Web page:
Physical fitness is about “the capability of the heart, blood vessels, lungs and muscles to function at optimal efficiency.”
Good health is more than just physical fitness though!. It is a much broader concept that also embraces a person’s psychological wellbeing and mental attitude.
Mental stress caused by pressures from work, home, relationships or one’s own thinking, can have as great an effect on a person's fitness as poor nutrition or a physical injury. Stress is very often related to physical fitness. A stressed person can have problems with muscles that tense or pull where they should not, which can place pressure on the nerves and bones, leading to other problems.
Allergies to foods, dust, even to the common bacteria that occur in everyone's throat, can pose problems to a person’s fitness, or complicate already existing problems. So can poor choices of food, insufficient chewing of food or eating “on the run”, too much coffee or soft drinks, and other dietary factors. Clothing can affect fitness: uncomfortable or poorly fitting shoes may result in foot or posture problems; high heel may throw the spine into unnatural curves, causing spine problems; and tight jeans may cause circulation or even infertility problems.
The single most important fact to understand about human fitness is the complexity of the human body, and the fact that this complexity makes fitness a multi facet state. This also means that fitness requires attention to more than one aspect of wellbeing. It cannot be gained simply by eating well, or through exercise alone, but results from a combination of factors that work together.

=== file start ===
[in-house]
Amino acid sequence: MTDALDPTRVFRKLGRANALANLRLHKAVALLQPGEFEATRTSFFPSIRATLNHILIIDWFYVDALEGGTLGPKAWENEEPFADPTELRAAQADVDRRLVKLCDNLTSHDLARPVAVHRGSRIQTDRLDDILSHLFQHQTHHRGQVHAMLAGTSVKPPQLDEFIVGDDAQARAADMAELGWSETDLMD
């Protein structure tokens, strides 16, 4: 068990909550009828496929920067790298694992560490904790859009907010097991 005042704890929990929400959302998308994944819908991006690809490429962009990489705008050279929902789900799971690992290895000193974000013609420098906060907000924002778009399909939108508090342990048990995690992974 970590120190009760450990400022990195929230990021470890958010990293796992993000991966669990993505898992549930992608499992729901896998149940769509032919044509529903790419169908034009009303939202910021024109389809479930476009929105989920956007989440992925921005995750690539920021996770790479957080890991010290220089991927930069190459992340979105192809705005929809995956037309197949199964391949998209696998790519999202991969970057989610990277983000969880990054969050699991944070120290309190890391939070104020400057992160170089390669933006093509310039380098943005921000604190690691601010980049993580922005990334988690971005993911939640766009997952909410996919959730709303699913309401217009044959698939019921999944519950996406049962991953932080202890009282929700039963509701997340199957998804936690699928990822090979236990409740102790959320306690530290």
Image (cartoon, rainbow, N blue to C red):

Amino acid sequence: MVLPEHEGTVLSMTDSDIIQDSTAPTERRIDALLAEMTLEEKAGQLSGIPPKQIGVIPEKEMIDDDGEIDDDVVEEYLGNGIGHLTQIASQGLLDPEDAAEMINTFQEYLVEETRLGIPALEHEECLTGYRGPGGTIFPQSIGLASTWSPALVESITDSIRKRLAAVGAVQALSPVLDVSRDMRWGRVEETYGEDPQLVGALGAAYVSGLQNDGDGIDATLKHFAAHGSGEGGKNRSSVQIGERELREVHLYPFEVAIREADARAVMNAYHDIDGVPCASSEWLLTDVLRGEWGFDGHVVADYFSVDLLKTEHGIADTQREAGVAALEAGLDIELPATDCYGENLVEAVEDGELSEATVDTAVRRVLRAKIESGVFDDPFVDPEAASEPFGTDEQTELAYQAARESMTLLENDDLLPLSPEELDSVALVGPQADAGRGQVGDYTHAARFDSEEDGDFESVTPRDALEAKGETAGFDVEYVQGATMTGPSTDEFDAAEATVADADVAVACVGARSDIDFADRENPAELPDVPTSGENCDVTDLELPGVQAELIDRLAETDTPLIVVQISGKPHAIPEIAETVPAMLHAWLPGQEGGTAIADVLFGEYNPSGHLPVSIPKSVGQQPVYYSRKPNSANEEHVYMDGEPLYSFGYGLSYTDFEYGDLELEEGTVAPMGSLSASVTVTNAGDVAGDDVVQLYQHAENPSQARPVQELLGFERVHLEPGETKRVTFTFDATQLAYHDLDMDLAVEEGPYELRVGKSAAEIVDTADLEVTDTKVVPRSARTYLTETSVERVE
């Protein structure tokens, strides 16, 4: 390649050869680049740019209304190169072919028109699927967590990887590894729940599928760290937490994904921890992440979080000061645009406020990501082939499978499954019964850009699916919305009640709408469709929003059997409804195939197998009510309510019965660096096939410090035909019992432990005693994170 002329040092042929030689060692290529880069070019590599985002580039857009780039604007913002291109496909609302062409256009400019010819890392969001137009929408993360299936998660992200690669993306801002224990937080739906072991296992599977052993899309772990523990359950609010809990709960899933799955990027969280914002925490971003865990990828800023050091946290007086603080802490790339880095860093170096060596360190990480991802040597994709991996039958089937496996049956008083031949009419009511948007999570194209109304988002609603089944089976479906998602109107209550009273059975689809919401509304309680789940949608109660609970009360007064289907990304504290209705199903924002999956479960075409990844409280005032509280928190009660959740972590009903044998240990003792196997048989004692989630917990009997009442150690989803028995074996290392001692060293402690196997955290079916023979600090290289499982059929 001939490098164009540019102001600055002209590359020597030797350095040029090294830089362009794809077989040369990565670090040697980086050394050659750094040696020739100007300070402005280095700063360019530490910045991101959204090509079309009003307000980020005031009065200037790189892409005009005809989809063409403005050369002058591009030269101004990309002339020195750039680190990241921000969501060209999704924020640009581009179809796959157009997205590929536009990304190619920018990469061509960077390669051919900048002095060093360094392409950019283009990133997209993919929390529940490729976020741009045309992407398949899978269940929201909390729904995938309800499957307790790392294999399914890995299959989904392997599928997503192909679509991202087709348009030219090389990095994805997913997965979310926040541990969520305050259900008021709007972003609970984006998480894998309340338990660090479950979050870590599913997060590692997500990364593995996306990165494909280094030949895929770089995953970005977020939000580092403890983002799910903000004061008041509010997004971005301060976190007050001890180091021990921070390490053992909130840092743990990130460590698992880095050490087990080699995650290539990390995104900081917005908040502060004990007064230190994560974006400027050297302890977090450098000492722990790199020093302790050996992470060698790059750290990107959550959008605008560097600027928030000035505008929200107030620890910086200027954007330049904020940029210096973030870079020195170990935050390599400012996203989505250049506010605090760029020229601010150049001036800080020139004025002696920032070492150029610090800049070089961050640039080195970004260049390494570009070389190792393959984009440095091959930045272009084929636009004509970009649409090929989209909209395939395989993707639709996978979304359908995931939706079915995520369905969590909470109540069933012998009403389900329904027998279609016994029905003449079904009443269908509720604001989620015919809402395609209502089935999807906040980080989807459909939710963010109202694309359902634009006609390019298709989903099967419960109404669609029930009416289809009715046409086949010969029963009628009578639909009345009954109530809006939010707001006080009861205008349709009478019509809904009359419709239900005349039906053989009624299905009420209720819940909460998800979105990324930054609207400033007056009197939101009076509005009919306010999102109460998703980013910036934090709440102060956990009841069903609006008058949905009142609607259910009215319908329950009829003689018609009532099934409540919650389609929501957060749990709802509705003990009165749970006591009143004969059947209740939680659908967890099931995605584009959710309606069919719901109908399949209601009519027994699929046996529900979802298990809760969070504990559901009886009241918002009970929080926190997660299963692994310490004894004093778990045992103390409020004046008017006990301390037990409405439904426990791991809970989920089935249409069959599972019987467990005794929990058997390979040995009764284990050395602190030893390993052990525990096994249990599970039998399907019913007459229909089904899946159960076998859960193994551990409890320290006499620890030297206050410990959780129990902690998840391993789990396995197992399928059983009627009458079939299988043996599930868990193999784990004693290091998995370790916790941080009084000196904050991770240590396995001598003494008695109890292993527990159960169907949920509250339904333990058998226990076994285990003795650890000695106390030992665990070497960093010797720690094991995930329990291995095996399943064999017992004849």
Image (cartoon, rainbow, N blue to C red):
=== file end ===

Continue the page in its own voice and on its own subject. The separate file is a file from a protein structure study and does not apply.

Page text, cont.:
While every body is different, and there is no one path to fitness that will work for everyone, experience shows that most people respond well to some fundamental fitness practices. These can be summarised as a “balanced approach” to wellbeing in all spheres of life.
Opinions on what constitutes ‘balance’ in regard to health and fitness, but in general, they agree on the following components:
- Eat healthy foods which you are not allergic or sensitive to, which provide all the necessary nutrients in adequate but not excessive amounts
- Eating in moderation
- Exercising all parts of the body
- Exercising in moderation
- Resting the body to allow it to recover from physical stress or exertion
- Relaxing the mind to allow it to recover from emotional or mental stress or exertion
- Developing a positive attitude.
We have courses that address all three of the pillars. Just click on the link below to find out more.